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    Following. Thanks for the pictures and updates. Much appreciated since I will be doing this sooner or later.
     
  10. Jimmy Stewart

    Jimmy Stewart Full Access Member

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    No problem. I saw some writeups of bits and pieces of the tear down and rebuild but not one of start to finish so figured I would do one.
     
  11. IDIBRONCO

    IDIBRONCO IDIBRONCO

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    Nope. That's what the dowel pin is for. The pump will only go on the gear one way. When you put the new one back on, sometimes it's difficult to line up the dowel pin and the slot in the pump. I'll take a small flat tip screwdriver and stick it through a bolt hole in the gear. That way I can turn the pump a little bit to line it all up. Next you'll also have to remove the rocker arms and the push rods. If you have the money, now will be the time to buy some new "7.3 style" rockers that don't use that aluminum pedestal. They have issues with breaking and you can't buy new ones. If you don't have the money for those, give Thewespaul a PM. He said that he has several sets of good used ones. Don't forget to unbolt the exhaust pipes from the manifolds before you try to lift the heads. You could remove the manifolds to make the heads weigh less and to lessen the chances of damaging a new gasket by dragging a manifold across it (been there, done that). The manifold bolts can be a HUGE pain to remove though. You could remove the heads with them attached and then, while they're easy to get to, take them out with an impact wrench. You'll have to remove at least part of the HVAC box, maybe do something with the shifter linkage, probably have to cut off part or all of the remaining insulation that's right behind the shifter linkage as well. I know this from doing R&R jobs on heads in chassis. These are tight spots with bolts so I can't imagine putting the heads abck on with studs installed in the block. One more thing that I did before the stud install was to buy a big container of ARP stud lube from Summit racing. I don't feel like the little bit of lube that ARP sends out is enough and I didn't get any when I bought my 7.3 studs from Justin. That was ok since I already had the big container.
     
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  12. IDIBRONCO

    IDIBRONCO IDIBRONCO

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    A couple of more things that I forgot. You will need to remove your alternator, vacuum pump, filter housing, power steering pump, and A/C compressor. These are attached to the heads. Leave the two brackets that are attached to the front of the heads. You can use them for extra grabbing surfaces. trust me, you'll thank me for that one. The water pump can stay on the engine. This would also be a good time to install a new Motorcraft thermostat too. That way you housing will also be out of your way and the surface underneath it will be very easy to clean up with no head in the way. When I was younger and dumber, I would take a bundle of shop rags and put them someplace to rest my head so that I could remove and install the heads by standing inside the engine compartment using my head like a tripod for extra leverage. These days, I'll just pull the engine.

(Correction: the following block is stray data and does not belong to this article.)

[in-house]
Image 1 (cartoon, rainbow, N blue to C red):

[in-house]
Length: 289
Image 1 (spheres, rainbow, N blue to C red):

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  13. Jimmy Stewart

    Jimmy Stewart Full Access Member

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    Very helpful info. Thanks for that. That’s a great idea with brackets, never would’ve known.
     
  14. Jimmy Stewart

    Jimmy Stewart Full Access Member

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    @IDIBRONCO any ideas about those electrical connectors on IP mentioned in previous post?
     
  15. IDIBRONCO

    IDIBRONCO IDIBRONCO

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    You're welcome. I'm full of something. Exactly what probably depends on who you ask. I do try to make it useful information instead of other things. The driver's die head is easier to hold on to in the back. There is three "bumps" (for lack of a better term) that you can hold on to. The back side of the passenger's side head is flat with very little to hole on to. If you're doing this by hand (Vs. using a cherry picker) make DAMN sure that your hands are clean and fairly oil free when you try to install this head. I hated it because I was always nervous about dropping the head onto the new gasket.